iSchool Undergrad Events Calendar

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The iSchool offers a number of events related to career and professional development, technology and information talks, research seminars, field trips, alumni panels, socials, and more. We also promote relevant opportunities on and around campus. 

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Office of Technology ManagementCenter for Innovation in Teaching & Learning,

Applied Technologies for Learning in the Arts & Sciences.

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iSchool Calendars: Study Abroad Hours, iSchool Events

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Data Privacy Seminar Series: Michele Gilman, “Data-Centric Technologies and the Construction of Class”

Event Type
wifi event
Apr 20, 2022   12:00 pm  

Wednesday, April 20, 12:00-1:00 pm CST, via Zoom.

Michele Gilman, “Data-Centric Technologies and the Construction of Class”

This talk explores the ways in which data-centric technologies are producing and perpetuating class divisions within the United States. While the existing literature grapples with the social justice implications of the datafied society, it does not focus on the causal mechanisms by which data-centric technologies maintain class divisions within the United States. We have focused far more on who is being harmed by technology, rather than who is benefitting. This class blindness can be harmful. Not only does it risk pathologizing the poor by linking their economic state to personal failings, but it also screens powerful actors and entities from scrutiny, thereby permitting economic inequality to flourish as a seemingly natural outgrowth of the market. By contrast, a critical class perspective can unmask how technology, power and law operate in tandem to perpetuate disadvantage.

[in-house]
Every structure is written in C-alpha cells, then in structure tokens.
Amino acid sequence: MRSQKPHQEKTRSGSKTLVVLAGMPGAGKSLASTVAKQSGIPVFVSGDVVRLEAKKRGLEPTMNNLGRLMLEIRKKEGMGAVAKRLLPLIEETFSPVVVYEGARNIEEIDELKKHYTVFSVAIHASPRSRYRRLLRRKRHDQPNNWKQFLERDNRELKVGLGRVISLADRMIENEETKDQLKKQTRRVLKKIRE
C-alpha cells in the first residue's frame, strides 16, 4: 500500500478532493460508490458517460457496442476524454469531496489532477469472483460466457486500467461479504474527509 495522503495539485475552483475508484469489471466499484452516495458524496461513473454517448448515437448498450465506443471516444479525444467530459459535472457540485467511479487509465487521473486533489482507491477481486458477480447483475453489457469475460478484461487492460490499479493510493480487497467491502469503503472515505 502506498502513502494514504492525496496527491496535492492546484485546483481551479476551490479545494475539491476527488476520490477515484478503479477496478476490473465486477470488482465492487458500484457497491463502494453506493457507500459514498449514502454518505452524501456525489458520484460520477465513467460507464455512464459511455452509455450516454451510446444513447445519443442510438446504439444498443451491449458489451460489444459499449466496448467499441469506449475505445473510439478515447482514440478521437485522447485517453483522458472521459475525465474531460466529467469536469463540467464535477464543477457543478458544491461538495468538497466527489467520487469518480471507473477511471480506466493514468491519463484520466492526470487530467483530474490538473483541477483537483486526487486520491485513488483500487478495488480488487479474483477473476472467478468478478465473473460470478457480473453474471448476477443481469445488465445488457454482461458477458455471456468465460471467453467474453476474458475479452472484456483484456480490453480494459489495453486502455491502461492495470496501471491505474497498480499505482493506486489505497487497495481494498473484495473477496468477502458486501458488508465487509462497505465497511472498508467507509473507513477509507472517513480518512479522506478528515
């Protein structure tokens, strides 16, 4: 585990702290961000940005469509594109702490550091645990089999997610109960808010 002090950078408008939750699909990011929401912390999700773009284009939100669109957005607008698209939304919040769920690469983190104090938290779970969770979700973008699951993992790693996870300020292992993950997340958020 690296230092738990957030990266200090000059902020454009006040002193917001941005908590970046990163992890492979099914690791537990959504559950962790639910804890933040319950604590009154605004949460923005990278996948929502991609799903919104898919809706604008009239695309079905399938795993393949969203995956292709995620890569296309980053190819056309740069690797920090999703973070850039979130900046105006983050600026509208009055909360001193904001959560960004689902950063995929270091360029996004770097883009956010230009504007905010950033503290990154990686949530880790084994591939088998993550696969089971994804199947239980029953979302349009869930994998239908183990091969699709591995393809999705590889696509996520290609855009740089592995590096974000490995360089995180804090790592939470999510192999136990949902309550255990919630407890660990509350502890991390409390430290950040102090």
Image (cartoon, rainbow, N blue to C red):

Michele Gilman is the Venable Professor of Law and Associate Dean for Faculty Research and Development at the University of Baltimore School of Law. She directs the Civil Advocacy Clinic, where she supervises students representing low-income individuals and community groups in a wide range of litigation, legislation, and law reform matters. Professor Gilman writes extensively about data privacy and social welfare issues, and her articles have appeared in journals including the California Law Review, the Vanderbilt Law Review, and the Washington University Law Review, as well as in the popular media. She was a faculty fellow at Data & Society in 2019-2020. She received her B.A.from Duke University, and her J.D. from the University of Michigan Law School.

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